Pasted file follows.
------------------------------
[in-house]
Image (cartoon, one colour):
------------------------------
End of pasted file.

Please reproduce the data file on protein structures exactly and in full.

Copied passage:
[in-house]
Image (cartoon, one colour):